You can't bring up race without bringing up racism, and how it applies to you, and how you apply it to others. Everyone is racist to a degree; our media dictates it. However, it takes a measure of hatred to keep on bringing up Americans' inherent racism and act upon it as a bigot. There are a lot of people out there that can't make that distinction.
 

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(Holder) urged people of all races to use Black History Month as a chance for honest discussion of racial matters, including issues of health care, education, and economic disparities.

I agree. From my perspective as a teacher in Canada, Black History Month is an opportunity to observe history through different lenses. This type of exercise can take students in a couple of different directions:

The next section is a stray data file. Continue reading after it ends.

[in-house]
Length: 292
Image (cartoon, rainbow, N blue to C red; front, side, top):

1. There's a comedian who appears on the Daily Show as the African-American corespondent. He did a funny bit last year about BHM, something like: In exchange for 500 years of bondage, we get twenty-eight days of trivia. A lot of the early material I ran across as a beginning elementary teacher looked like this: http://afgen.com/proud.html

Theo's job was to sweep the floor. He swept and swept and swept. When he reached for the dustpan, it was not there. You see, Lloyd P. Ray, a Black man, invented the dustpan. So he swept his pile of dirt over in the corner and left it there. He then decided to mop the floor, but the mop was gone. You see, Thomas W. Stewart, a Black man, invented the mop.

God, how I loathe this little article, which you can find published on countless websites. It prattles on for pages about black people inventing combs, hair dryers, and vacuum cleaners. Nobody spends this much time talking about Thomas Edison and the light bulb, or Alexander Graham Bell and the telephone. Once you've read the whole thing a hundred times, as I have, you conclude the whole point was to say: You see, Black folks are really quite clever.